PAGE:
Civic Question #3:

Why is it important to understand the use of lynching and other forms of violence following the passage of the 15th Amendment?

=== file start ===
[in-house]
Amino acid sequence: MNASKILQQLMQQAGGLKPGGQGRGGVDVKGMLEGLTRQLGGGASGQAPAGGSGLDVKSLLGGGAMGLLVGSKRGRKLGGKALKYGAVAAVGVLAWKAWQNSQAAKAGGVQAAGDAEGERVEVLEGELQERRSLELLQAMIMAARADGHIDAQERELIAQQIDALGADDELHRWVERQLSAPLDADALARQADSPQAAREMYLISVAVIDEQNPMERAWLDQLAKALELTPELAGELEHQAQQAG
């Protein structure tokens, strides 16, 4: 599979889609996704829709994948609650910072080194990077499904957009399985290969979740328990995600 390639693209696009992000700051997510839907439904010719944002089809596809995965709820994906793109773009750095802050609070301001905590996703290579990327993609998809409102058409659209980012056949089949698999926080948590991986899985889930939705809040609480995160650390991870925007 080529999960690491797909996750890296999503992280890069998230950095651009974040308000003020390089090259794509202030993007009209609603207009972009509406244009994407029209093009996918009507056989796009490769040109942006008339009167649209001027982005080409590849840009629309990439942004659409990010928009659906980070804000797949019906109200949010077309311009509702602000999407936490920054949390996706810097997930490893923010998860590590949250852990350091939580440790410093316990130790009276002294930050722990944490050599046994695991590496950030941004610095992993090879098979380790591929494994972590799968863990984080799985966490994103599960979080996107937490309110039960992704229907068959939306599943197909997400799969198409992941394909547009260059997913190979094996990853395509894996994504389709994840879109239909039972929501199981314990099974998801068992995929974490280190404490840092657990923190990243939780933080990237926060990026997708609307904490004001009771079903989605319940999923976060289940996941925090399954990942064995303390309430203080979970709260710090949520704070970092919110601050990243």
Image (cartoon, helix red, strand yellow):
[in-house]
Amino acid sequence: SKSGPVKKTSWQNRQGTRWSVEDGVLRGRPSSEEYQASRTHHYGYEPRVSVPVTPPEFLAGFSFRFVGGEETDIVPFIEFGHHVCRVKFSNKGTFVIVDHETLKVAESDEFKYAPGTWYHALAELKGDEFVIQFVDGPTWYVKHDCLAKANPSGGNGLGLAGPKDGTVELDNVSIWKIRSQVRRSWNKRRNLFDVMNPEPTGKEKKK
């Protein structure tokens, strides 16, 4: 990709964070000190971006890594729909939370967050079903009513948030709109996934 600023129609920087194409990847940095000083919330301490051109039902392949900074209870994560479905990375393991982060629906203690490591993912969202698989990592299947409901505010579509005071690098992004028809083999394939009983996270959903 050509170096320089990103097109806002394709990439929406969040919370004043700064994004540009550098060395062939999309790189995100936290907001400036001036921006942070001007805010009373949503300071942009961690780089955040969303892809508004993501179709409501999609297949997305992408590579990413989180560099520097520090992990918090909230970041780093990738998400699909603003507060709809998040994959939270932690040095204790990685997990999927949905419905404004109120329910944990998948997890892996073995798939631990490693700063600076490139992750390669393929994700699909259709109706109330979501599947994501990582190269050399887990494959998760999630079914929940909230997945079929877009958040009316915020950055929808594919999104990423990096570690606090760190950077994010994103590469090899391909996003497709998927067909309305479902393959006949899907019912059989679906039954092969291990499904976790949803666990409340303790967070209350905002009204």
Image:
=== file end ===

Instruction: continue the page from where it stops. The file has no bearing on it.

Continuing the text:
The assassination of Octavius Catto and three other black men in Philadelphia on Election Day in 1871 was an effort to suppress black votes. The passage of the 15th Amendment led to efforts to try to control and reduce black participation as citizens. Historians broadly agree that lynchings were a common method of social and racial control meant to terrorize black Americans into submission, and into an inferior racial caste position. It was also a weapon against white supporters of African American rights. Lynchings occurred in the pre-Civil War era, as a means to deter rebellions by enslaved Africans and to intimidate free blacks.  However, they became more widely practiced in the Southern United States from roughly 1877, the end of post-civil war reconstruction, through 1950.  Lynching also occurred in Northern places including in Pennsylvania. Ida B. Wells was a strong national voice against lynching and galvanized African Americans and others in protest against the practice. One of the largest demonstrations was the Silent Parade of Children in NYC in 1917.

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